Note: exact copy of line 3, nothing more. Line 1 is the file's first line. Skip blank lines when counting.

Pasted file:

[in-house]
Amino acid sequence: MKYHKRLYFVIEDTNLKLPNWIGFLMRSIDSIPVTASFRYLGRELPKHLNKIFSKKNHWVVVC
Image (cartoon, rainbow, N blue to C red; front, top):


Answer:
Image (cartoon, rainbow, N blue to C red; front, top):